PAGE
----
Dems Push to Make Buying Ammo Harder

Seek to outlaw online sales

Ammunition for sale / AP

House Democrats introduced a bill which seeks to restrict online ammunition purchases as well as track large orders.

The Stop Online Ammunition Sales Act of 2015, introduced by Rep. Bonnie Watson Coleman (D., N.J.), would require people who purchase ammunition online to display a photo ID in-person in order to receive the order. It would also require ammunition sellers to report to the Attorney General's office any time they sell 1,000 rounds or more over a 5 day period to the same buyer.

The bill allows for online sales of ammunition so long as the buyer picks up the order in person. However, since most online sales do not currently involve a face-to-face interaction, the bill would outlaw most online ammunition sales.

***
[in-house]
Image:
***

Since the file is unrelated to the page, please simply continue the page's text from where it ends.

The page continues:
"Far too many times, we have seen the shocking images of unspeakable gun violence that could have been prevented," Rep. Frank Pallone, Jr. (D., N.J.), one of the bill’s original cosponsors, told The Hill. "Our bill to limit the online sale of ammunition is a long-overdue common sense reform that I am hopeful will spark Congress to put aside party difference and come together to help prevent such senseless tragedies."

"This common-sense reform would save lives by depriving violent criminals of a means of anonymously amassing ammunition without proper scrutiny," Rep. Donald Payne, Jr., (D., N.J.), another co-sponsor of the bill told the paper.

Due to Republican control of Congress, the bill is unlikely to pass.